Please ensure Javascript is enabled for purposes of website accessibility

Netflix Just Started Reporting Renewable Energy Use and Content Removal

By Anders Bylund - Feb 8, 2020 at 10:58PM

You’re reading a free article with opinions that may differ from The Motley Fool’s Premium Investing Services. Become a Motley Fool member today to get instant access to our top analyst recommendations, in-depth research, investing resources, and more. Learn More

The streaming video veteran will make these reports annually from now on.

Streaming video giant Netflix (NFLX -0.08%) has published a report on the company's environmental impact. This appears to be the first full report of its kind.

Red Netflix logo on a beige stucco wall.

Image source: Netflix.

Renewable energy

Netflix effectively sources all of its electric power from renewable sources. Where no direct source of green power is available, the company purchases renewable energy certificates (RNEs) to make up the difference. In this way, green energy powered Netflix's entire internal power consumption of 94 gigawatt hours (GWh) in 2019.

The report also addressed the 357 GWh that was required to drive Netflix's external computing and networking operations through partners such as Alphabet's (GOOG 0.19%) (GOOGL 0.33%) Google Cloud and's (AMZN -0.26%) Amazon Web Services. In this case, the entire power activity was matched to an equal amount of RNEs.

Netflix's renewable power record is not completely airtight, though. The company doesn't support the indirect power needs of 167 million global subscribers through RNEs.

For the record, Netflix's internal power drain stood at 40 GWh in the summer of 2017 alongside an estimated third-party power consumption of 100 GWh.

Content removal

The report also shows that Netflix has removed just nine titles from its streaming services following requests by various governments. This is the first such report, though the company promises to make it an annual habit.

So far, Singapore is the only country that's lost more than one Netflix title to government requests. The Asian city-state's Netflix catalog has lost three cannabis-related documentaries and two entertainment titles with controversial views of Christianity.

This shortlist covers only titles that once were available to Netflix customers but then were removed. The catalog also varies greatly from country to country based on licensing deals or regulatory content restrictions.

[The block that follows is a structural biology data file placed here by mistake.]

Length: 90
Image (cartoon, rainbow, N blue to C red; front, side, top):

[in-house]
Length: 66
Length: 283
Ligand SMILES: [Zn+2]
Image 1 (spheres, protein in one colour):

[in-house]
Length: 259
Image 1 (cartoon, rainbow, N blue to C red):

John Mackey, CEO of Whole Foods Market, an Amazon subsidiary, is a member of The Motley Fool's board of directors. Suzanne Frey, an executive at Alphabet, is a member of The Motley Fool's board of directors. Anders Bylund owns shares of Alphabet (A shares), Amazon, and Netflix. The Motley Fool owns shares of and recommends Alphabet (A and C shares), Amazon, and Netflix. The Motley Fool has a disclosure policy.

Invest Smarter with The Motley Fool

Join Over 1 Million Premium Members Receiving…

  • New Stock Picks Each Month
  • Detailed Analysis of Companies
  • Model Portfolios
  • Live Streaming During Market Hours
  • And Much More
Get Started Now

Stocks Mentioned

Netflix, Inc. Stock Quote
Netflix, Inc.
$249.11 (-0.08%) $0.19
Alphabet Inc. Stock Quote
Alphabet Inc.
$122.08 (0.33%) $0.40, Inc. Stock Quote, Inc.
$143.18 (-0.26%) $0.37
Alphabet Inc. Stock Quote
Alphabet Inc.
$122.88 (0.19%) $0.23

*Average returns of all recommendations since inception. Cost basis and return based on previous market day close.

Related Articles

Motley Fool Returns

Motley Fool Stock Advisor

Market-beating stocks from our award-winning analyst team.

Stock Advisor Returns
S&P 500 Returns

Calculated by average return of all stock recommendations since inception of the Stock Advisor service in February of 2002. Returns as of 08/16/2022.

Discounted offers are only available to new members. Stock Advisor list price is $199 per year.

Premium Investing Services

Invest better with The Motley Fool. Get stock recommendations, portfolio guidance, and more from The Motley Fool's premium services.